Kim Simmonds, blues guitar icon and Savoy Brown founder, dies at 75

Kim Simmonds, blues guitar icon and Savoy Brown founder, dies at 75
Kim Simmonds performs with Savoy Brown at the Paradise Artists party during the IEBA 2017 Conference on October 17, 2017 in Nashville, Tennessee

(Image credit: Rick Diamond/Getty Images for IEBA)

Kim Simmonds – a legend of British blues guitar – has died at the age of 75, his band, Savoy Brown, confirmed (opens in new tab) on social media.

“Kim Simmonds passed away peacefully in the evening of December 13,” the message reads (opens in new tab), “may he rest in peace.” The guitarist had been battling colon cancer.

As the founder and sole constant member of Savoy Brown, Simmonds was a pivotal figure in British blues-rock who – though never quite becoming a household name – influenced countless blues-inclined guitarists in his wake.

Born in Wales in 1947, Simmonds picked up the guitar at a young age, and was influenced as a teenager by American R&B and blues, and the British bands – most prominently the Rolling Stones – that that music, in turn, inspired.

At the tender age of 18, Simmonds formed the Savoy Brown Blues Band. It was the mid-’60s, when the London blues scene was overflowing with budding young talents that would go on to become superstars. Soon to become simply Savoy Brown, the band shared bills with (opens in new tab) Cream and, later, Rod Stewart and the Faces, and at one point included a number of members of Chicken Shack, a successful London blues act that for a time featured Christine McVie on keyboards. 

Relentless touring helped build Savoy Brown’s recognition in both the US and their home country, and some degree of commercial success finally came with the band’s 1970 album, Looking In. Charting in the top 50 (opens in new tab) in the UK, US and Canada, the LP began a successful run for the band that culminated in their most successful album, 1972’s Hellbound Train.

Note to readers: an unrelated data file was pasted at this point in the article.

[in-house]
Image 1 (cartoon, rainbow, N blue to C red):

Almost from the get-go, the band’s lineup was a merry-go-round, anchored always by Simmonds, and his skillful, melodic and fiery guitar work.

Through the numerous personnel shifts, Savoy Brown remained a stage and studio juggernaut for over 50 years, releasing dozens of albums and keeping up a constant touring schedule. In the latter part of his career, Simmonds also struck out on his own, releasing five solo albums, starting with 1997’s Solitaire

In 2021, Simmonds was diagnosed with stage 4 colon cancer, forcing the guitar great to curtail his ever-busy touring schedule. In a statement posted to Savoy Brown’s website (opens in new tab) in August, Simmonds wrote that he had finished a new album, with “many more songs in the studio files that I intend to release as time evolves.”

“Kim Simmonds was one of kindest souls I’d had ever met in this business of music,” wrote Joe Bonamassa on Twitter (opens in new tab) upon learning of the bluesman’s death. “Always smiling and jovial. He along with Lonesome Dave made some beautiful records with Savoy Brown. Rest in peace Kim. You will be missed.”

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Jackson is an Associate Editor at He’s been writing and editing stories about new gear, technique and guitar-driven music both old and new since 2014, and has also written extensively on the same topics for Guitar Player (opens in new tab). Elsewhere, his album reviews and essays have appeared in Louder (opens in new tab) and Unrecorded (opens in new tab). Though open to music of all kinds, his greatest love has always been indie, and everything that falls under its massive umbrella. To that end, you can find him on Twitter crowing about whatever great new guitar band you need to drop everything to hear right now.

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